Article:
Study seeks standard measures against aviation fuel contamination
•Lauds CITA over best storage procedure
A pioneering local study on microbial contamination of aviation fuel and its handling system in the country has urged quality control agencies to intensify monitoring to enhance quality of supply to the industry.
The study carried out by a team of researchers from University of Ilorin, Kwara State, recommended among others, the incorporation of microbiological standards into the specification requirements of Jet A1/allied products.
Microbial are microorganisms like bacteria and fungi that are capable of existing in water where it interfaces with fuel. These microorganisms use alkanes and additives in fuel as foodstuff. The most destructive of the microbes that grows in the aircraft fuel environment is the fungus Hormoconis resinae. It is the most common cause of microbial corrosion in aircraft fuel tanks.
Meanwhile, the research, courtesy of its findings, has commended the management of CITA Petroleum Nigeria Limited, for compliance with the numerous industry and company’s proprietary Policies, Standards and Procedure (PSP) covering the entire supply storage and distribution chain.
Having drawn samples from CITA tank farms at various locations, the study attested that microbial contamination has been contained within the International Air Transport Association (IATA) guidelines, which ensure that fuel is on-specification at point of delivery to aircraft.
Contaminated fuel is one of the causes of equipment failure, which is the second leading cause of plane crashes globally, after pilot errors.
The first of such study in Nigeria was aimed at assessing microbial contamination of aviation fuel and fuel handling system at CITA Petroleum Tank Farms located in Lagos, Port-Harcourt and Abuja.
The six points on the storage facilities selected for sampling included the bulk fuel, the oil-water surface, the bottom water, the inlet and discharge filters as well as sludge from the separation tanks and environmental surfaces.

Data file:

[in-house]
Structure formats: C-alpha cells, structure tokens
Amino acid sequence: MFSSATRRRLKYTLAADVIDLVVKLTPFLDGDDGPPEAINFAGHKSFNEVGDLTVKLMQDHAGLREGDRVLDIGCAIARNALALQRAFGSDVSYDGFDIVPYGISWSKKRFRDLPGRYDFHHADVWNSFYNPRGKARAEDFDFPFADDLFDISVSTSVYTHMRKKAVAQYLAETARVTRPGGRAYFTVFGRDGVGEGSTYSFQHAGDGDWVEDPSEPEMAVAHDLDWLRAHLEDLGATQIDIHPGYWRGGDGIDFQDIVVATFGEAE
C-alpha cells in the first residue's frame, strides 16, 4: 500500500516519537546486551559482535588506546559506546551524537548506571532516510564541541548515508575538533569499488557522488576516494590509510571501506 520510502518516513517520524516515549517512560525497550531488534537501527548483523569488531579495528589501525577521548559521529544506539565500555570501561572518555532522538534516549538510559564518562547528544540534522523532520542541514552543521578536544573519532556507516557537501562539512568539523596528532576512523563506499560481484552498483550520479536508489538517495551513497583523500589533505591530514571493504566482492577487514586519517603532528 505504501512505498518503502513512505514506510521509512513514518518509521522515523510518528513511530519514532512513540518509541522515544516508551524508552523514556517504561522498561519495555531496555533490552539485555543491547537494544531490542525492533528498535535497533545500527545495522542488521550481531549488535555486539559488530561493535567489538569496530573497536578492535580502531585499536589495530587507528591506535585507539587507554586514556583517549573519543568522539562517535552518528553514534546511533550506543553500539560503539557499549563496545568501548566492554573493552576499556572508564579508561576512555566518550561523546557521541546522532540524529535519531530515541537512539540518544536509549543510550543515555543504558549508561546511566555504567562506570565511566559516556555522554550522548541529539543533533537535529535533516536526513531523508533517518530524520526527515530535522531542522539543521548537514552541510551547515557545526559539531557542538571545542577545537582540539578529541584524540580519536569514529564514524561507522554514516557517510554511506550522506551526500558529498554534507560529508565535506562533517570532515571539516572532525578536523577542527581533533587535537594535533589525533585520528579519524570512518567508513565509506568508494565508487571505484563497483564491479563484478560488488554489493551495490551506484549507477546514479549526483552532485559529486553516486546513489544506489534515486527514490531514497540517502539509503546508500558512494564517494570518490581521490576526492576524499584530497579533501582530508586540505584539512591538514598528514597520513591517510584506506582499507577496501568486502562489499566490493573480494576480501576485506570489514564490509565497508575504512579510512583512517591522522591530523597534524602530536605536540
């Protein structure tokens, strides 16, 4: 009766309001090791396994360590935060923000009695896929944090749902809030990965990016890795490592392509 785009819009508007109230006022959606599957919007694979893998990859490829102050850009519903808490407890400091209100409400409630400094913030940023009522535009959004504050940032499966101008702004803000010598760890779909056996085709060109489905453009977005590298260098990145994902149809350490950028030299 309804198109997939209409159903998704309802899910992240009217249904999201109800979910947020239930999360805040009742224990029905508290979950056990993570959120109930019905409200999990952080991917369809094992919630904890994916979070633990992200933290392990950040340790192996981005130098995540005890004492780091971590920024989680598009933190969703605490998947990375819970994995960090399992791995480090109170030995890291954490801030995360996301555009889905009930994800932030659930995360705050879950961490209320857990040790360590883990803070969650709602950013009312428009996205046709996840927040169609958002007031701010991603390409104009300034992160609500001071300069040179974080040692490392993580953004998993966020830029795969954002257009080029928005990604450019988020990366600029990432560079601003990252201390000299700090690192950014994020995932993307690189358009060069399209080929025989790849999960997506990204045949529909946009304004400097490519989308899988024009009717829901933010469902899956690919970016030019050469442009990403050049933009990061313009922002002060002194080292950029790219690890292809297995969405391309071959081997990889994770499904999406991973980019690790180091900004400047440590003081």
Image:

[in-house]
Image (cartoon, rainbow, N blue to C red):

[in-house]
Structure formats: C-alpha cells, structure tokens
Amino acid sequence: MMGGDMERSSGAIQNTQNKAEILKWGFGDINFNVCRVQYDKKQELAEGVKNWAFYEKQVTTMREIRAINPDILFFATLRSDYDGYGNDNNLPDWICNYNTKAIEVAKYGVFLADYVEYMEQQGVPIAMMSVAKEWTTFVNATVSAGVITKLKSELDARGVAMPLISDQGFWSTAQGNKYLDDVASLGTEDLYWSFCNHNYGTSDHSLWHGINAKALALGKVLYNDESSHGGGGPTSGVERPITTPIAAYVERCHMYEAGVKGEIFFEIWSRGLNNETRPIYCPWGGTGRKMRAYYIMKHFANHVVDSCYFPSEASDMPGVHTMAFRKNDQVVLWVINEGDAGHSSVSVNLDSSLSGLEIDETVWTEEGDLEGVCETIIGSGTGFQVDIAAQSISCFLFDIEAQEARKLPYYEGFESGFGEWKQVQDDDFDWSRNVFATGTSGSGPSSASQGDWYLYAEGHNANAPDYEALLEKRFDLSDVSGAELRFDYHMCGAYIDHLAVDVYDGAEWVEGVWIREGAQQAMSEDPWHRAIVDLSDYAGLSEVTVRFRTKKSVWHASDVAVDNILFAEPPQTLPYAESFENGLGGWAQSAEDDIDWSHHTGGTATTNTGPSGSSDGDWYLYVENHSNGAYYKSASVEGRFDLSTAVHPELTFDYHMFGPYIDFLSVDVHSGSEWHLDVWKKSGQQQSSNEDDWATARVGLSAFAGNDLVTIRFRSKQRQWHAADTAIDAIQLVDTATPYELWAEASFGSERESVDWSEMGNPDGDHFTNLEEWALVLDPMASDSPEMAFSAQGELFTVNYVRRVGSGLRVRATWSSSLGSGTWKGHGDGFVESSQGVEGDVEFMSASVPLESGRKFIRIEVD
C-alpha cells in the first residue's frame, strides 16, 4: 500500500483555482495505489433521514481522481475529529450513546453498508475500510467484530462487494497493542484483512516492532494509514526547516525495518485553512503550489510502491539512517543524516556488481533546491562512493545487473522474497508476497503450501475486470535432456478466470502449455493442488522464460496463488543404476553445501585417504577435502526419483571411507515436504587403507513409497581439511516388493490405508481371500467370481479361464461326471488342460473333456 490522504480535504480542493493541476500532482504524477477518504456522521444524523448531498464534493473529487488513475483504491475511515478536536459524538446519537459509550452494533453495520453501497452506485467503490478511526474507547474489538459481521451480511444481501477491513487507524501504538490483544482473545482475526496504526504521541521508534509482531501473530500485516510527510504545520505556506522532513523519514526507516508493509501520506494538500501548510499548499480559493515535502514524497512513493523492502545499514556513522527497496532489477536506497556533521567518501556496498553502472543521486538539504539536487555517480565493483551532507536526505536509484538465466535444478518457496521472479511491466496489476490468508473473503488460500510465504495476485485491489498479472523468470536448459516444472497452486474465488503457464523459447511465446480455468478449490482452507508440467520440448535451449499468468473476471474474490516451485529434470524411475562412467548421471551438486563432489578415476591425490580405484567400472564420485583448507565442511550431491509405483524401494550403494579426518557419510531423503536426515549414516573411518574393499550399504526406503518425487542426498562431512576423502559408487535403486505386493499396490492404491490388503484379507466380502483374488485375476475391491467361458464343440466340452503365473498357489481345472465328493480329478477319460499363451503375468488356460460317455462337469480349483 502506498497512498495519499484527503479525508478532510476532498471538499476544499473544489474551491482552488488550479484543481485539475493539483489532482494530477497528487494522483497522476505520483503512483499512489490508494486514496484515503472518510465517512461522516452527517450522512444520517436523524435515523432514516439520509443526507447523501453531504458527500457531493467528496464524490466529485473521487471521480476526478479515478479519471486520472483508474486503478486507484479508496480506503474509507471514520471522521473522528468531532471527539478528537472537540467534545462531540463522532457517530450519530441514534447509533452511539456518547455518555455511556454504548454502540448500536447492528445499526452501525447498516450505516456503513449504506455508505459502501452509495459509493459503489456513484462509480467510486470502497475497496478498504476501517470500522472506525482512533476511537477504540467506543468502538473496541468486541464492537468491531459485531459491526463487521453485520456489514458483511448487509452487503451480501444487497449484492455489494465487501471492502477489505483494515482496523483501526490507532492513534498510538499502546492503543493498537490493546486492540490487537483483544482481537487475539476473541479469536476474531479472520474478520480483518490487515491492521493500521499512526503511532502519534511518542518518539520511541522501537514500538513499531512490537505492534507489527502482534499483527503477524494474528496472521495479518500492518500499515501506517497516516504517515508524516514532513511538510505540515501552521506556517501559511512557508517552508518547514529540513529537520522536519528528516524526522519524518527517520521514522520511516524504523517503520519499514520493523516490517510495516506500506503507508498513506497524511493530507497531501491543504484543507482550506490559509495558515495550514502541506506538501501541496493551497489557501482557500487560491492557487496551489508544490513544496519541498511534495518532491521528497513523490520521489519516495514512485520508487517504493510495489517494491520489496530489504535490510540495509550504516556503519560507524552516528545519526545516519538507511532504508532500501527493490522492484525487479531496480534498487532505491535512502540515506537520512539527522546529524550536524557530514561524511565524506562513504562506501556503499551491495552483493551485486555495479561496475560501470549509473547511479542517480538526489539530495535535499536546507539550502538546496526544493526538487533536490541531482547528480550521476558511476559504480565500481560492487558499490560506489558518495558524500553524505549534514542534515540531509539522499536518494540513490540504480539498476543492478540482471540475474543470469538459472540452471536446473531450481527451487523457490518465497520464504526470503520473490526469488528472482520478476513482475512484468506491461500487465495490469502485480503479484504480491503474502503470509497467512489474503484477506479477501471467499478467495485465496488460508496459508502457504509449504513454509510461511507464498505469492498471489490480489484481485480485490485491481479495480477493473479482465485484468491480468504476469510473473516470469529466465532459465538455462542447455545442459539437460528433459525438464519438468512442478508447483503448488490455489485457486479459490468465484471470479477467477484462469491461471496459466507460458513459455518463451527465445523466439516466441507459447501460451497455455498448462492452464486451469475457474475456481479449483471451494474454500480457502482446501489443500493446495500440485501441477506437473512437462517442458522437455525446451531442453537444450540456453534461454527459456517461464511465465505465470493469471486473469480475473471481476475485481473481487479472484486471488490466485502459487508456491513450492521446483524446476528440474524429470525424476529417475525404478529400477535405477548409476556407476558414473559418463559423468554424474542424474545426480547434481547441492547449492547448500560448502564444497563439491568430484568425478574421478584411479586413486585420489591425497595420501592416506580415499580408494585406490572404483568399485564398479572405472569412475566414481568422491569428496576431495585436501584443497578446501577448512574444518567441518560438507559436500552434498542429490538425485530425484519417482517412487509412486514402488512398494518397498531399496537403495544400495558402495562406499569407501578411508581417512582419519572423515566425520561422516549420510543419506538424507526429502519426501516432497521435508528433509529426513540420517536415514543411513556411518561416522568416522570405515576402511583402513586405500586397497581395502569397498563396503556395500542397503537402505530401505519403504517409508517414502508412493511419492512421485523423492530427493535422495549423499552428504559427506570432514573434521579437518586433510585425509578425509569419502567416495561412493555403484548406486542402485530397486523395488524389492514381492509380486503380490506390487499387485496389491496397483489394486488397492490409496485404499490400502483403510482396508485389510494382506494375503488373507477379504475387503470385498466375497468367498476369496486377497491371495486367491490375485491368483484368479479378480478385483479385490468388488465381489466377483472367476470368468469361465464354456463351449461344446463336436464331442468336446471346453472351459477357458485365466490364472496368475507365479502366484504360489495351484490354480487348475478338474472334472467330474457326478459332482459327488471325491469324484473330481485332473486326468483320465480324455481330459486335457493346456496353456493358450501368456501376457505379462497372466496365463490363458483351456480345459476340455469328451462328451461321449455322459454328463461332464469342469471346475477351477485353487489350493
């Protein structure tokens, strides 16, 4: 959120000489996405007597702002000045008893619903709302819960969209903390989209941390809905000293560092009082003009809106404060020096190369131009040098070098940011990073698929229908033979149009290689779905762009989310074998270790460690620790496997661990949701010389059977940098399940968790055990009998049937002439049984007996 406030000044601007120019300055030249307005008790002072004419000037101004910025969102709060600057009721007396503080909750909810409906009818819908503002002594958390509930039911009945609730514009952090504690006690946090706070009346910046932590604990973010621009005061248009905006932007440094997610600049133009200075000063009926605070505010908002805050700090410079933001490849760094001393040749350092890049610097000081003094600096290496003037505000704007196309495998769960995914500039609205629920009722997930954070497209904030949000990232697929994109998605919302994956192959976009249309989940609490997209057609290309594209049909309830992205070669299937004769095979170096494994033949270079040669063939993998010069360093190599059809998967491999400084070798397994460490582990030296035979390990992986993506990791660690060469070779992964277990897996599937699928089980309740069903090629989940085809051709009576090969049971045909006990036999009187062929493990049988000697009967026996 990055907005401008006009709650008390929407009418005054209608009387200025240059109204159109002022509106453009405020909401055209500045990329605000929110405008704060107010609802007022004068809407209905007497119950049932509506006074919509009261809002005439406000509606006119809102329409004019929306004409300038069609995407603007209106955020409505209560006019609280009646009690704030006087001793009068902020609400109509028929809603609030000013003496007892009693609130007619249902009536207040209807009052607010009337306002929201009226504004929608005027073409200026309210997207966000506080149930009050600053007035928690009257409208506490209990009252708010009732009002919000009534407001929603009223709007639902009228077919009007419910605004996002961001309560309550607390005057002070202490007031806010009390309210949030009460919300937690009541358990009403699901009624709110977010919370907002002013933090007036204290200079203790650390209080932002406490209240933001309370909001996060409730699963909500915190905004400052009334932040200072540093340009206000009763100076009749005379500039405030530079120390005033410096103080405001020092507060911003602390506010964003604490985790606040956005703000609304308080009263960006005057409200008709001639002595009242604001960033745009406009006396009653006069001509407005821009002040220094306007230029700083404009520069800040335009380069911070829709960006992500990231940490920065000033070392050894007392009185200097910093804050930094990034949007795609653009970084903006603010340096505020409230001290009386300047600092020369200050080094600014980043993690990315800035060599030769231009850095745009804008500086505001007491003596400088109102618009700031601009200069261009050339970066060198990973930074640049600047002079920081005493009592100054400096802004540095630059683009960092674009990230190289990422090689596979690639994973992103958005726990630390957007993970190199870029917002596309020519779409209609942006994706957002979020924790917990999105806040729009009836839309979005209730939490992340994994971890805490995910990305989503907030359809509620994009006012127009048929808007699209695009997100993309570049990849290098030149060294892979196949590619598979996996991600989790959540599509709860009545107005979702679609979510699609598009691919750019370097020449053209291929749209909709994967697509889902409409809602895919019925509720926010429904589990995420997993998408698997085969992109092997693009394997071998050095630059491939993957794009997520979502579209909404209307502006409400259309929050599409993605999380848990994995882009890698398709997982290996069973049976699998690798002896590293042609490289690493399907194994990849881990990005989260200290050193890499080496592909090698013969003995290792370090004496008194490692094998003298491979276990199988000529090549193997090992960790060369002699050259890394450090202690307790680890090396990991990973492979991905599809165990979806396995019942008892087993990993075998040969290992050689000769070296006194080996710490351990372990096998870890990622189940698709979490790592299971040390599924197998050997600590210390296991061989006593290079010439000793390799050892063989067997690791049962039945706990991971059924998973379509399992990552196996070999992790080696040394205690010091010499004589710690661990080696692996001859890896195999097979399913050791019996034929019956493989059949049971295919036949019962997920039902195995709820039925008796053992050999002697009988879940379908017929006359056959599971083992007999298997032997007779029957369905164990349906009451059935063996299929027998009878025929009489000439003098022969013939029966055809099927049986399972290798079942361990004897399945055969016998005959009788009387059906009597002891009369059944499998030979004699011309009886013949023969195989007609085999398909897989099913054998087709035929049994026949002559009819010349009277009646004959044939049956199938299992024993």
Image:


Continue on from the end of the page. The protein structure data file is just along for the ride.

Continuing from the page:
Samples were collected on three different occasions between September 2014 and May 2015 representing rainy, harmattan and onset of rainy season, in other to evaluate the effect of seasonality on the detection and frequency of occurrence of the microbial contaminants.
Lead researcher and lecturer at the Department of Microbiology, University of Ilorin, Prof. Albert Olayemi, said though the work might not be enough to establish microbiological quality standards to classify Nigerian fuel (aviation) and fuel handing system, it is nonetheless a first approach to underscore the importance of microbial contamination in aviation fuel and safety.
Olayemi said based on the findings, it is recommended that the current practice of removing accumulated bottom water be sustained, coupled with periodic tank cleaning.
He said: “Since most of the microbes are located in the aqueous phase of the water – hydrocarbon interface, the main way to avoid growth and fuel spoilage is removing the accumulated water.
Although it may be difficult to prevent microbial contamination because of the impossibility of maintaining sterile conditions in the farm tanks and during transportation, its negative effects can be diminished.”
Olayemi added that the combined monitoring and preventive action costs would normally be less than the costs associated with crises response strategy.
The indigenous study was sponsored by CITA’s grant of $100,000.
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